Until the next time...

The Director’s Friend

notarising documents

Good practice vital for employers in managing tribunal claims

notarising_documentsIn July, the Supreme Court ruled that employment tribunal claim fees were unlawful, and now it’s been confirmed that an ex-employee has been granted an extension of time to pursue their out-of-date unfair dismissal claim, on the basis that the original action was dropped due to the fees.

In giving the go-ahead for an extension in the case of Dhami v Tesco Stores Ltd, the claimant could show they had lodged the original claim within the three-month time limit and the fees were an important reason for not proceeding.  It is likely that many more out-of-date claims will be put forward, and, as a result, employers may find themselves firefighting situations that were considered closed.

The Supreme Court ruling in July in R (on the application of UNISON) v Lord Chancellor put an end to the requirement for a fee to be paid on submitting a claim, known as the issue fee, and another a few weeks before the hearing.  Introduced in 2013, the cost was more than £1,000 for complex claims, and the number of tribunal claims dropped by two-thirds as a result.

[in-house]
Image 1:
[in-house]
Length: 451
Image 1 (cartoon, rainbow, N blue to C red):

The public service union UNISON brought the case, arguing that the fees undermined the fundamental principle of access to justice for all, and that it was discriminatory as women generally earn less and so were likely to find it harder to pay. The Supreme Court agreed, saying it was unlawful under both domestic and EU law, and the fees were abolished with immediate effect, and  payments made under the scheme are to be refunded.

Commentators and employer groups were quick to predict a steep increase in claims back to previous levels, arguing that with no financial risk involved, employees will be more likely to make a claim, whether legitimate or bogus.